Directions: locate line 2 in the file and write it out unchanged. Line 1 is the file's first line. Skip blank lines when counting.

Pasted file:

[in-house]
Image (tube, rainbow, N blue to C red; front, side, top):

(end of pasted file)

Image (tube, rainbow, N blue to C red; front, side, top):